To date, the study has shown that septic systems do not contribute significantly to nitrogen present in the river, while they may play a role in phosphorus loading. It is a potentially significant discovery. Many community groups in the area seek funding from the state of Ohio for septic remediation projects to prevent septic runoff from entering the local watershed. This research may prove that taxpayer dollars could be more effectively spent elsewhere to combat watershed eutrophication.

“The quarter-million dollars that is being secured from the state for septic system remediation isn’t going to do much. It’s money that’s being wasted,” says Spiese. “So what we are seeing here are students that are going out and doing research that will hopefully impact how we as a society deal with these problems.”

Those charged with dealing with these problems will hear from Spiese and company at the Water Management Association of Ohio conference this fall. Spiese also is encouraging his students to present at the annual Posters at the Capitol conference in Columbus this spring. “I’d like to see them be able to meet with our state senators and representatives and say, ‘Hey this is what we found. Now it’s up to you to translate this research into legislative mumbo jumbo.’”


Louis Streacker, a junior chemistry major from Findlay, Ohio, is combining his interest in research methods with his desire to make a difference in his community.

For Streaker, really any research project would do. He just wanted to get into a lab and get time on ONU’s many scientific instruments. As a sophomore, he heard Spiese’s presentation and liked that the research had a substantial analytical chemistry component and was local. As a Findlay, Ohio, native, he liked the thought of doing research that might affect his home.

“I’m doing this for the science and to help develop my laboratory technique,” he says. “But I am also from the area, so being able to look at the watershed and some of the nutrient loading that goes on in the area is a way to help the community understand what’s happening in their environment.”

Streacker earned the Ruth E. Weir Memorial Award for Research to study sterols in riverbed sediment as an indicator of the source of phosphorus in water. Sterols are what is left over after an animal eats and digests cholesterol. Sterols from humans are different from sterols from a pig or a cow, so by examining and measuring sterols, Streacker can determine the origin of a sample and whether human beings or agriculture is responsible for the phosphorus in the water at sites along the Blanchard River. So far, it’s been a rewarding experience that has broadened his understanding of research.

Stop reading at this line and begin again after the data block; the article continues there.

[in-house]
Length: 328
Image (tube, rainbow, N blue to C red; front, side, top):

“I’ve already taken the analytical chemistry course here at Northern, so this research has reinforced what I learned and provided me with hands-on experience doing things I hadn’t necessarily learned in class, like going out into the field collecting sediment samples,” he says. “I’ve gotten a lot more time on the instruments and that helps as much as anything. Overall, I’m more comfortable with the equipment and the procedures.”

Even though Berry had worked on other research projects before working with Spiese — including one in genetics at another university — this experience was the one that turned her career plans upside down.


ONU students work directly with faculty on undergraduate research projects. For Berry, this distinction is one of her favorite things about ONU.

“Before, I was thinking I wanted to go straight to medical school after I graduated, but now I’m thinking that I’d rather enroll in a Ph.D. program after I graduate, and pursue medical school later. I don’t know that I would have considered that without the personal experience of working with my professor and feeling fully invested in the research. The mentorship environment is one of the things I love about ONU.”

Spiese’s research into the area watersheds and the environmental problems they face will continue long after Berry and Streacker graduate from ONU. Sadly, they aren’t problems that are likely to go away soon. Many more researchers will be needed to keep our water safe and clean and the economic and societal repercussions of watershed contamination at bay.

To learn more about environmental chemistry at ONU, please contact c-spiese.1@onu.edu.